Shouts of “¡Olé!” and “¡Arsa!” filled the Anoka High School auditorium April 22 as the new Anoka High School Sociedad Honoraria Hispánica hosted Zorongo Flamenco.
Previously the more informal Spanish Club met periodically, but creating the Sociedad Honoraria Hispánica took the club “to the next level,” according to senior Lucas Manke, who is in Advanced Placement Spanish this year.
“We wanted to make it more serious,” said junior Morghan Park, one of about 40 students currently participating in the society.
To be involved in the Sociedad Honoraria Hispánica, students must be enrolled in Spanish 3 or a more advanced course, maintain a B+ or better on average in all Spanish courses taken, and be willing to complete a number of service hours promoting Hispanic culture, according to Lynnae Bina, who serves as the society’s co-adviser with fellow Spanish teacher Kelsey Walz.
So far, the society has hosted a few small events – a Spanish Talk-A-Thon at lunch, a Night of the Radishes celebration (an annual tradition in Oaxaca, Mexico, each December), etc. – but the main event for this first year has been bringing Zorongo Flamenco to perform a show in the high school auditorium.
The Minneapolis company was founded by Susana di Palma in 1982, and its mission is to “enrich our community by drawing people close to the beauty and energy of the flamenco tradition and, by expanding on that tradition, create an innovative art form that explores the issues of contemporary life,” according to Zorongo Flamenco’s website.
Flamenco, an art form combining singing, guitar playing, dancing and more, originated in Spain hundreds of years ago.
One singer, two guitarists and five dancers performed at Anoka High School April 22 for a crowd of approximately 400.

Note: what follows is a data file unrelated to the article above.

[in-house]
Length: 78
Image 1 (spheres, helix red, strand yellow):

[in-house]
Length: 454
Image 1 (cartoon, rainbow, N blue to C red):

“There’s so few opportunities to see something like flamenco in this area,” Di Palma said.
Manke, Park and junior Alyssa Wicks introduced Di Palma and gave audience members a brief history of flamenco before the performance began last week, encouraging everyone to show their enthusiasm for the performance by shouting “¡Olé!” and “¡Arsa!” at any time.
Senior Cole Williams was not sure what to expect, but he was quickly absorbed in the show, yelling with eagerness at the dancers along with a row of his classmates.
“That was really unique,” Williams said when the performance concluded. “It got really exciting.”
Strong rhythms were felt throughout the show – dancers and musicians clapping their hands, stomping their feet and snapping their fingers.
“It’s really rhythm that unites it all,” Di Palma said.
When the show was over, audience members stood as Di Palma took the stage to introduce the ensemble.
“Where am I, Sevilla?” she asked with a laugh. “¡Viva España, y viva Anoka!”
Going forward, the Sociedad Honoraria Hispánica hopes to get even more involved in the community, according to Bina. “We want to find a good local charity that has a Latino focus and kind of adopt them.”
The Spanish program at Anoka High School continues to grow. More students are progressing through five Spanish courses, eventually taking the AP Spanish Language and Culture exam. And more students are passing that exam. In 2009-2010, Anoka High School’s pass rate was 33 percent. Last year, it climbed to 92 percent, according to Bina.
“The teachers make it fun,” Park said. “Now we have that same passion. I want to become fluent.”